City Council Badgers Jackson About DOJ Report, Police Reform

City budget hearings — better than NyQuil or your money back! — are getting underway over at City Hall. And in an introductory session Tuesday morning, council members addressed Mayor Frank Jackson directly with some of the city's biggest challenges. 

Though issues like building and housing code enforcement and vacancies in city staffing bubbled up to the surface, council members continually returned to questions about the DOJ report and ongoing negotiations therefrom.

On that score, Jackson parroted earlier claims that the systemic failure in question lies in the criminal justice system at large, not within the Cleveland Division of Police. He said he refuses to make decisions to appease individual advocacy groups. Those solutions, he said, would be a "facade." 

Anything less than "real, systemic, substantive, lasting" change, Jackson said, would be a failure. But his responses to council members' direct lines of inquiry felt like repeated dodges: He said that he won't be compelled to make 25-30 politically oriented decisions that he could make (firing McGrath and Flask, say?) and instead would focus on 4-5 bigger root causes in the interest of widespread reform: education, economic equity, the criminal justice system.  

Councilman Cummins wanted to know what role the community would play in consent decree negotiations.

Jackson responded, more or less, by saying that there were too many community groups with too many conflicting demands, that "everyone wants to be the one" involved. "I heard even the Plain Dealer  wants to help determine what the Consent Decree is," Jackson said. Once he and the DOJ have identified key groups, he said, then the community would know who would be involved, and presumably in what capacity. 

Councilman Jeff Johnson, in remarks that served as the morning session's climax, took the Mayor's larger philosophy to task. 

"It's not a facade," Johnson said. "It's not a 'gotchya moment.' It's not low-hanging fruit. I'm not trying to deceive anybody when I say that in city services, there is a service called the Police. And we need to do more. It's not a criminal justice problem. It's a city service problem, because they work for us.... It's not a panacea. It is living up to our responsibilities. We are failing to live up to our responsibilities."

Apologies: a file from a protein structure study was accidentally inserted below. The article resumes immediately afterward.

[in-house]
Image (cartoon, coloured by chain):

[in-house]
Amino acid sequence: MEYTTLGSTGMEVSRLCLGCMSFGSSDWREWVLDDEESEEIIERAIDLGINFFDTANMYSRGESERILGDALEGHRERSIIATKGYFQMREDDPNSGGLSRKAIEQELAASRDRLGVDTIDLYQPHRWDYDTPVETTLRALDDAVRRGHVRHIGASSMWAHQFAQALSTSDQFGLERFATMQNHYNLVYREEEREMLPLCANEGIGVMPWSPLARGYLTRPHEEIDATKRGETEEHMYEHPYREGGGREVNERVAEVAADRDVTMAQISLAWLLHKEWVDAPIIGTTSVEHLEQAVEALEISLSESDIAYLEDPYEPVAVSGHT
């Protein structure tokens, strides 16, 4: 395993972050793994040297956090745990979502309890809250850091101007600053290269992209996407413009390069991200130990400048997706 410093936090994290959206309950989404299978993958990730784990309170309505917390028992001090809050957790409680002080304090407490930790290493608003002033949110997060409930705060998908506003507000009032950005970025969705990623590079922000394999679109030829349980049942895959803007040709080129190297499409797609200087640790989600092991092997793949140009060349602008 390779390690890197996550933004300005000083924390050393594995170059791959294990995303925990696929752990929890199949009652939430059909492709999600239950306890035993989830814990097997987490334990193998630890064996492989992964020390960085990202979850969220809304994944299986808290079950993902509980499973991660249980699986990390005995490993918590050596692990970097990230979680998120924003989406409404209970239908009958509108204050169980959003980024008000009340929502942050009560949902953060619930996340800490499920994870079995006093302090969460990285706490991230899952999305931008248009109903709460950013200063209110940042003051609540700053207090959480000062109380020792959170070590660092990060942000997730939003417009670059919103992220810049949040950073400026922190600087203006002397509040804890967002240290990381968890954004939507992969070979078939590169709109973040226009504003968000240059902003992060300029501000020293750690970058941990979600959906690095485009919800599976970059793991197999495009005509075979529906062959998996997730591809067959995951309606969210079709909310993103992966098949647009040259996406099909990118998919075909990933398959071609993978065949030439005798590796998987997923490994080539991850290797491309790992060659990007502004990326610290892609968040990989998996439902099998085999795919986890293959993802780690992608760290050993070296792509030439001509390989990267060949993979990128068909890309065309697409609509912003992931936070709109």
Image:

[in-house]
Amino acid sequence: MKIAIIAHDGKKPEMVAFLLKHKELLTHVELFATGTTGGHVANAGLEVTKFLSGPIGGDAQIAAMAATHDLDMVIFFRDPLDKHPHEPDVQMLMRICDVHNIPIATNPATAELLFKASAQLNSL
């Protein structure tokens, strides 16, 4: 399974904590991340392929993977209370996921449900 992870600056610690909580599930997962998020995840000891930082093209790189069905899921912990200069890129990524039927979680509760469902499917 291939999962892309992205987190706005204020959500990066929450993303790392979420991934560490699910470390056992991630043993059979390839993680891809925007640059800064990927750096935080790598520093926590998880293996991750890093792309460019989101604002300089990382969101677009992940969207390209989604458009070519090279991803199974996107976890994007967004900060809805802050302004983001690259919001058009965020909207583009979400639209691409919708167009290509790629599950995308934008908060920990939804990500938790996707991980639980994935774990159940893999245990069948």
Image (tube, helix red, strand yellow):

Johnson took exception to those council members — his ire seemed zeroed in on Matt Zone — who continued to side with Jackson and his root cause red herrings.

Jackson responded to Johnson with a few of his favorite talking points, suggesting that there were indeed areas where change must occur.  

"I fully accept that there needs to be reform. There are some immediate things that need to be done and they will be done," Jackson said. "What I refuse to do... There are those who believe and promote the fact that just doing that, and then everything will be okay. That won't happen. This is the greatest opportunity to make change. I intend to not blow it. I will not create a pretense that all of a sudden everything is okay. Some of this stuff is going to be easy. Some of it's going to be difficult." 
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About The Author

Sam Allard

Sam Allard is the Senior Writer at Scene, in which capacity he covers politics and power and writes about movies when time permits. He's a graduate of the Medill School of Journalism at Northwestern University and the NEOMFA at Cleveland State. Prior to joining Scene, he was encamped in Sarajevo, Bosnia, on an...
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